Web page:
July 2022, Volume 72, Issue 7

Research Article

Oxidative stress is the common causal link between renal stones and diabetes mellitus in adults

Tayyab Uddin Khand  ( Institute of Biochemistry, University of Sindh, Jamshoro, Pakistan )
Naseem Aslam Channa  ( Institute of Biochemistry, University of Sindh, Jamshoro, Pakistan )
Fatehuddin Khand  ( Bilawal Medical College for Boys, Liaquat University of Medical and Health Sciences Jamshoro, Pakistan. )

Abstract

Objective:  To investigate the common risk factors involved in the pathogenesis of renal stones and diabetes mellitus in adults.

 

Method: The case-control study was carried out at the urology outpatient department and diabetic clinic of the Liaquat University of Medical and Health Sciences, Hyderabad, Pakistan, from January 2019 to January 2020, and comprised renal stone patients in group A, diabetes mellitus patients in group B and healthy controls in group C. Height and weight were determined for all subjects, followed by calculation of body mass index. Serum samples were analysed for creatinine, uric acid, total antioxidants, iron, malondialdehyde, superoxide dismutase, catalase, glutathione peroxidase, lactate dehydrogenase, xanthine oxidase, C-reactive protein, and nuclear factor kappa-light-chain-enhancer of activated B cells. Intra-group comparisons were done. Data was analysed using SPSS 22.

 

Results: Of the 400 subjects, 100(25%) each were in groups A and B, and 200(50%) were in group C. Overall, there were 236(59%) males and 164(41%) females. The age range of the sample was 20-40 years. Obesity was more prevalent in group B 26(26%) as against 4(4%) in group A and 20(10%) in group C. Compared to group C, superoxide dismutase (p=0.0128) and C-reactive protein (p=0.032) levels were higher in group B, while the levels were lower for uric acid (p=0.0067), iron (p=0.0147) and xanthine oxidase (p=0.0360). Compared to group C, serum superoxide dismutase (p=0.0001), malondialdehyde (p=0.0011) and nuclear factor kappa-light-chain-enhancer of activated B cells (p=0.0040) levels were significantly higher in group A, while the levels were lower for xanthine oxidase (p=0.0002) and total antioxidants (p=0.0018). Group A had significantly raised level of malondialdehyde (p=0.0034) and decreased level of total antioxidants (p=0.0232) compared to group B.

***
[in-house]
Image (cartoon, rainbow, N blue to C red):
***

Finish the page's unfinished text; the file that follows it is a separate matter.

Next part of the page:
Conclusion: Oxidative stress is a common risk factor involved in the pathogenesis of both renal stones and diabetes mellitus. Oxidative stress accompanying low-grade inflammation seems to cause diabetes mellitus, while excessive oxidative stress owing to raised levels of superoxide dismutase and malondialdehyde, and low levels of total antioxidants might lead to renal stone disease.

 

 

Introduction

 

Renal stones (RS) and diabetes mellitus (DM) are the two main health concerns in many countries of the world. Both diseases are chronic health problems, causing suffering and financial burden for patients, families and nations. The global RS frequency in males aged 70 years ranges from approximately 4% in Britain to 1-5% in Asia, to 13% in North America and to 20% in Saudi Arabia.1-3 The peak age for RS presentation in Pakistan is 20-29 years.4 With an increase in the level of affluence, the overall RS prevalence has increased in both developed and developing countries. According to data available for the United States, 37% increase in RS cases in both genders was noted between 1976-80 and 1988-94.5  Moreover, nephrolithiasis is a recurrent disease with 14%, 35% and 52% chance of recurrence after 1, 5 and 10 years of the first episode, respectively.6  As such, RS is a serious health concern.7

Diabetes mellitus (DM) is a global chronic health issue caused when the pancreas fails to form sufficient insulin or when the insulin formed by the pancreas cannot be efficiently used to keep the normal blood glucose level.8  This ultimately leads to hyperglycaemia, which is an important DM feature.8

Chronic uncontrolled DM over time can lead to various complications, such as retinopathy, peripheral vascular disease, neuropathy and nephropathy.9